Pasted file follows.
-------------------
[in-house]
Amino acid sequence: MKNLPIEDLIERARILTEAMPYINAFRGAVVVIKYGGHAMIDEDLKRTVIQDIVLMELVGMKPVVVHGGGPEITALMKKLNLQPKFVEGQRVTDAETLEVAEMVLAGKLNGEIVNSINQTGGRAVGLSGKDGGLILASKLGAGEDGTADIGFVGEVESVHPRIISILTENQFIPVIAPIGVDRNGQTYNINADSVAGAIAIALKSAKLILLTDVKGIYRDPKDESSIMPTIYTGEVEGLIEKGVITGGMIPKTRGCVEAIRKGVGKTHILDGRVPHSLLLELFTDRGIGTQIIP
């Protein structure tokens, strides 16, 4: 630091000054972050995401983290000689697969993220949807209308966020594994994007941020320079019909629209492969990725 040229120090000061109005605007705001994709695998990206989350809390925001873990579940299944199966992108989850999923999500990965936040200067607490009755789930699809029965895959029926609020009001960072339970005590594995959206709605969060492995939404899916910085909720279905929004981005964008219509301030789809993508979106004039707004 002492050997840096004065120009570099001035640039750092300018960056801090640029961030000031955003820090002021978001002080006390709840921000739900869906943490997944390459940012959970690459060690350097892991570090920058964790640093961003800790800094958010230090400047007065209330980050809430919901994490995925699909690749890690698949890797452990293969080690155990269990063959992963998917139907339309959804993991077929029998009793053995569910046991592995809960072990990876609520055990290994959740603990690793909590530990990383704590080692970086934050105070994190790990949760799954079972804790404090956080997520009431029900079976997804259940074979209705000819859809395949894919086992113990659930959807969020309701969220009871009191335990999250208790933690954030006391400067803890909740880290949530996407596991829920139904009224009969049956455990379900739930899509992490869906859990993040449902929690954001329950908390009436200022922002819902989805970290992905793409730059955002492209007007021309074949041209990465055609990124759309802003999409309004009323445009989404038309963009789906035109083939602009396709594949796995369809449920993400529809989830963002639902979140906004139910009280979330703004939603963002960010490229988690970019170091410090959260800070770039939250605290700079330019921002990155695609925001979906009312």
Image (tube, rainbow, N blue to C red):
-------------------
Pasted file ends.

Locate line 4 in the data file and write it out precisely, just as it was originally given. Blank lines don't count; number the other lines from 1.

Image (tube, rainbow, N blue to C red):